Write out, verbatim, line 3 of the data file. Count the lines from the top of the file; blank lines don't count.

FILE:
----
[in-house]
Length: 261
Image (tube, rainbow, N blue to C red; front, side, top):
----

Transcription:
Image (tube, rainbow, N blue to C red; front, side, top):